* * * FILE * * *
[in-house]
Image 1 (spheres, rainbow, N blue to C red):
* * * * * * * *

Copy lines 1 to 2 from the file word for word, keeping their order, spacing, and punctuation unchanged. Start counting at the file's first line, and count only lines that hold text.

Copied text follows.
[in-house]
Image 1 (spheres, rainbow, N blue to C red):